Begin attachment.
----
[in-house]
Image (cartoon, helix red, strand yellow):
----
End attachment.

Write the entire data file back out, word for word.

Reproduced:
[in-house]
Image (cartoon, helix red, strand yellow):